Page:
We write often on this blog about economic development, our concern about our troubling economic indicators, and our suggested strategies for improving our trajectory.  John Lawrence, a longtime friend who has worked in the trenches on a number of important issues, has ideas of his own.  He’s authoring nine posts for us in the next three weeks about economic growth.  He’s written more than 30 posts for us in the past, so many of you know him from his previous provocative commentaries.  He’s now working as manager of economic development Planning for EDGE.  He enjoys having a real conversation, so if you have comments and questions, we hope you will share them with him.

Here’s his second post:


By John Lawrence

For more than 30 years, only logistics has driven market competitiveness.  Since 2000, the market has become less competitive as the FedEx growth advantage has diminished.  The Metro Memphis area must solidify its position as a leading global logistics market by building on the presence of local rail and water connections, in addition to air cargo.

Logistics Drives This Economy

Despite talk about the music industry, computing technologies and tourism, logistics is what we really do well.  Transportation and related services provide 127,000 jobs (20% of regional employment) and $15 billion of economic output (28% of gross metropolitan product).  Metro-Memphis is one of the most specialized large logistics economies in the United States, with a concentration nearly four times the national average.

Greater Memphis’s logistics cluster is complex, global and highly service oriented.  The cluster looks different here than in many other regions.  It includes most of the activities associated with materials movement but also employs more specialized and higher-skilled workers in a diverse set of occupations.  The local logistics sector employs 25% more managers than the national average, 56% more production workers and 66% more facilities management workers.

Multi-Modal Network Investments

Metro-Memphis excels at the firm-to-consumer relationship.  At the intersection of Interstates 40 and 55, the region is well organized for the movement of goods.  World-class freight infrastructure includes the world’s second busiest cargo airport, the fourth largest inland U.S. river port and is one of only five U.S. cities served by five Class-1 railroads.

Investments are reinforcing a commitment to logistics.  More than $500 million has been spent by the railroad industry on recent facility improvements.  Construction is underway for an outer-loop highway (I-269) around Shelby County that will someday link to the I-69 Canada to Mexico corridor.  Planning is underway for a third vehicular bridge over the Mississippi River.  And, the Port of Memphis is planning a possible expansion at President’s Island.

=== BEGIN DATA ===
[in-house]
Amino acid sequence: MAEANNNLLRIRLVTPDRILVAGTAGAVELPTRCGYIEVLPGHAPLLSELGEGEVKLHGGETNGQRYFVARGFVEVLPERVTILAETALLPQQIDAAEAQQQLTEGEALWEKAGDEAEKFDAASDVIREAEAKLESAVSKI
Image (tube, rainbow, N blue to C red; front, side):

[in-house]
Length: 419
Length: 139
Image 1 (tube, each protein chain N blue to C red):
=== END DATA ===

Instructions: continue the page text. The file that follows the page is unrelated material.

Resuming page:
Logistics as a Tool vs. an Industry

Metro-Memphis has ridden an extraordinary wave of growth tied almost exclusively to one industry (air freight) and one company (FedEx).   As FedEx has matured and started making global investments, the local area performance has flattened.

Today, we must start thinking of logistics less as an industry and more as a tool that supports other industries.  We must also think about the changing nature of shipping and our multi-modal strengths to deliver on-time, as opposed to just overnight.  The future will depend on how we use that infrastructure, not necessarily by growing the logistics sector for logistics-sake.

But in a globally competitive environment, we have to begin by protecting our logistics assets.  Despite the decline in air-freight growth, this region still has unrivalled multi-modal capacity.  As places like Atlanta and Louisville publicly and proudly try to stake their claim as growing logistics centers, Metro Memphis needs to take greater command of its assets and the potential they represent.

To do this, we should shift our focus from being the middleman, shipping other people’s things to innovation of high-value goods or production of time-to-market-critical goods that benefit from the shipping expertise we have built.  We should shift from describing air, water and rail in isolation to promoting the overall capacity of the world’s most diverse logistics infrastructure.  We should understand changing global needs and define the future of logistics in emerging industries like personalized medicine and diagnostic laboratories.

Logistics does not have to mean low-skill, low-wage labor.  Specific initiatives in Biologists, Export Planning and Ag-Biosciences could position the region to both grow and use our logistics infrastructure more purposefully.  This could then lead to much greater and beneficial expansion of our economy.

The potential to diversify our market could hinge on our ability to attract and build business that needs this infrastructure.  A key strategy guiding the Memphis & Shelby County Regional Economic Development Plan will be securing our place in the global logistics network.

Part One: Creating a Process of Economic Transformation

Part Three: Diversifying the Economy Beyond Logistics – Friday (9/27/13)

Part Four: Leveraging Assets for International Trade – Tuesday (10/1/13)

Part Five: Building a New Manufacturing Economy Workforce – Thursday (10/3/13)

Part Six: Organizing for Innovative Entrepreneurial Growth – Monday (10/7/13)

Part Seven: Connecting Jobs, Workers, Institutions & Activity Centers – Wednesday (10/9/13)

Part Eight: Tracking the Market to Understand Emerging Opportunities – Monday (10/14/13)

Part Nine: Prioritizing First-Step Initiatives – Wednesday (10/16/13)